To have all of that, a programming language and a database would be required, which means constant maintenance and adjustments when the Python or PHP version gets updated. Another big issue is security - if someone finds a bug in the code, the libraries, the framework or the interpreter they could be able to break in and do bad things with the server.

I did not want to have any of those issues and thus had decided very early that I would build a script that creates a couple of static files, which would be served by a web server without any dynamics in it.

Limitations of static

My server's user registration API responds with "OK", but does not even look at the data the user sends to it. The "login" API route returns static data: A hard-coded session ID, and a static name "stouyapi". Every user is the same.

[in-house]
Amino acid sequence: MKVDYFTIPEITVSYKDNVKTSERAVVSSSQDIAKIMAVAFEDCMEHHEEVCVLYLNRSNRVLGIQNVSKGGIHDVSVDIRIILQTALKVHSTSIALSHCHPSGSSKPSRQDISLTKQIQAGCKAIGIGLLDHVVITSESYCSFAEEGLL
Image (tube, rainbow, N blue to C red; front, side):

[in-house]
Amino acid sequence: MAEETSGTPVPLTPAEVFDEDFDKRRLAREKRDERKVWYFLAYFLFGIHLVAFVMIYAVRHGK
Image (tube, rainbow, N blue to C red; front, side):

The "agreements" API does not track which marketplace terms you have already read and confirmed, it only says that you already did :) If the OUYA sends a crash report, the server says "ok" but does not look at the data.

Game rating submissions are ignored as well; the number of votes and average rating is taken from the static game data files and will never change. The server also does not track which user messages you have read or not.


It turned out that it is impossible to let Apache 2.4 return static responses to PUT requests - it needs a scripting language for that.

Apache's own content handler returns "405 Method not allowed" if it gets a HTTP PUT request, even if there is a rewrite rule that says "return 200 OK". So I had to resort to providing an empty-json.php PHP script that has to be registered as PUT handler in the Apache configuration:

Script PUT /empty-json.php